Mailinglist Archive: opensuse (3637 mails)

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Re: [SLE] Fwd: Re: [SLE] Linux Commercial Idea as a flop.
  • From: Jeffrey Taylor <jeff.taylor@xxxxxxxx>
  • Date: Sun, 13 May 2001 10:07:08 -0500
  • Message-id: <20010513100708.F9614@xxxxxxxxxxxxxxxxxxxxx>
I might agree with Jean-Paul's point in general, but I feel that
everyone with Internet access, dialup or broadband, needs a firewall.
For the simple case of one IP address, no intranet, and no servers,
that should not be too hard. Plug and Play should be available to all
without a CS degree.

Linux requires and rewards educating yourself about it. This does not
justify abusive developers or software.

Just my $0.02USD,

Quoting Faessen Jean-Paul <faessen.godin@xxxxxxxxxx>:
> Subject: Re: [SLE] Linux Commercial Idea as a flop.
> Date: Sun, 13 May 2001 11:11:22
> From: "Purple Shirt" <purpleshirt@xxxxxxxxxxx>
> >From: Curtis Rey <crrey@xxxxxxxx>
> >To: Jonathan Drews <j.e.drews@xxxxxxxxxxxxxxxx>, Yuri K
> ><koroby398@xxxxxxxxx>
> >CC: suse-linux-e@xxxxxxxx
> >Subject: Re: [SLE] Linux Commercial Idea as a flop.
> >Date: Sun, 13 May 2001 03:38:21 -0500
> >
> >As a newbie/Linux novice I can agree with the point about not wanting to
> >deal
> >with "broken apps and half baked stuff". I already have a degree in health
> >care and really don't relish returning to school to learn how to setup and
> >run my OS.
> >I chose Linux because a) It gets me away from M$ (don't get me started on
> >XP/.NET/Hailstorm) and b) because I learn something about the thing I spend
> >most of my time with-the computer. Sure, I would like to learn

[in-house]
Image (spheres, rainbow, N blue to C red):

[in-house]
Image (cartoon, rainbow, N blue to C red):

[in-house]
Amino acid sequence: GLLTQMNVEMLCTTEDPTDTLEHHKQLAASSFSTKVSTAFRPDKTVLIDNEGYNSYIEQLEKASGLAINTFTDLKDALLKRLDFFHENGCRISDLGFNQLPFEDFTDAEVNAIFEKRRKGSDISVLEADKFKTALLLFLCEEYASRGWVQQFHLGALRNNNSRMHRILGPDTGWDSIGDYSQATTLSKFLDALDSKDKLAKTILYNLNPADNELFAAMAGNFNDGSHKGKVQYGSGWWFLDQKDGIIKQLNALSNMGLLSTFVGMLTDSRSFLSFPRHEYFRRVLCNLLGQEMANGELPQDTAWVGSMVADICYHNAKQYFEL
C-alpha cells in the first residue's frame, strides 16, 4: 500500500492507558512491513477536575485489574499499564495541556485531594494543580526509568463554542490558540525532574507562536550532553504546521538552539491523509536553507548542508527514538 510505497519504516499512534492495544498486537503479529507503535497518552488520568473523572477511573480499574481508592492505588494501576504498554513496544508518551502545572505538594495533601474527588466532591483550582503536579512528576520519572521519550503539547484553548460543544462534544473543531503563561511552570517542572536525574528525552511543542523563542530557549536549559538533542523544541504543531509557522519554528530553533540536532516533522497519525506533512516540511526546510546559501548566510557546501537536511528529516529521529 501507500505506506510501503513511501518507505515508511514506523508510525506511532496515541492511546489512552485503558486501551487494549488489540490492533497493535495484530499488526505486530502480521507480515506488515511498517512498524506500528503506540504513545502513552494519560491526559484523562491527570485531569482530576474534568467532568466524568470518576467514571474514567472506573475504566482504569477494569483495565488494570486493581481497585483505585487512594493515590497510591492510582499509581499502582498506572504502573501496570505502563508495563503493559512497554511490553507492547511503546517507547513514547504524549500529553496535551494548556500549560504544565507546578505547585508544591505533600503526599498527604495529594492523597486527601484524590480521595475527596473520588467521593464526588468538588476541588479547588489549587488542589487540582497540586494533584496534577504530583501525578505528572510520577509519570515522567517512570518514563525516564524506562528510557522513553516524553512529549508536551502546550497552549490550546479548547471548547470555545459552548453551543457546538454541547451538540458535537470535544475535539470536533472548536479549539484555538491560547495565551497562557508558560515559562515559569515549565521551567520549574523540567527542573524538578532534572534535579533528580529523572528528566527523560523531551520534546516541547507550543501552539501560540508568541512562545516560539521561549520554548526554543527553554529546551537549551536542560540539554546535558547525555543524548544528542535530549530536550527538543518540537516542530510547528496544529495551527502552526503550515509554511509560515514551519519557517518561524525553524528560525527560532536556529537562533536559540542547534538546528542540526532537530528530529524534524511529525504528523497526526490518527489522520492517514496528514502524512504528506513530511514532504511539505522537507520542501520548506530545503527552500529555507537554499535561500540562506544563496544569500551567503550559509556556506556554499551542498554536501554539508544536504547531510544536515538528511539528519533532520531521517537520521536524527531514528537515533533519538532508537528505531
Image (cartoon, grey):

> >programming.
> >But I don't want to do so to make it my profession.
> >It's just like medicine. You teach your patient about health care and
> >taking
> >care of themselves. However, you don't expect then to mix there own IV
> >solutions or run their own X-ray machine. It's similar with designing an
> >OS
> >that is to be used by the general public.
> >Open Source is wonderful because the makers can design a system to meet
> >their
> >desires. But, if you want the general public to get behind it and
> >support/use
> >it you'll have to make function on their level. Linux is getting close to
> >this and still gets its geek underpinnigs (geek is not to be taken as
> >derogatory).
> >It will become widely accepted when the common user doesn't have to
> >consider
> >taking night classes in comp sci in order to set up a firewall.
> >
> See this is where I think the newbies get it wrong. I understand your
> argument about how one person doesn't have to be a MD to perform small task
> healthcare on yourself.
> But here is the problem. Does Linux fit this bill? Yeah in Windows you can
> push and click your way through things but in Linux the console and commands
> in my mind are unavoidable. Plus they are the most powerful enttiies which
> come with a Unix OS. And you mentioned a person shouldn't have to know how
> to work an IV. I consider a firewall a highly sophisticated instrument and I
> do not think it is the duty of the programming community to spend ten years
> on the development of a utility til they finally managed to make it usable
> by every person out there. Firewalls I think belong in the domain of the
> more educated computer professionals. Now if SuSE thinks its their job to
> break this barrier then go ahead but I don't believe in this. I doubt a
> person would get much support from any government to run a business which
> teaches 'PlugnPlay IVs' to the general public. I support the fact to improve
> things but I am choosy about what should be improved simply because of the
> reward we get for the investment done.
> mk
> _________________________________________________________________
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I don't do Windows and I don't come to work before nine.
-- Johnny Paycheck

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